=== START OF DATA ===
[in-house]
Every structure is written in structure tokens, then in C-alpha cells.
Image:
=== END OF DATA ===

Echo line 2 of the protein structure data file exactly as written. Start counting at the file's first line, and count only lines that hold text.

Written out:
Every structure is written in structure tokens, then in C-alpha cells.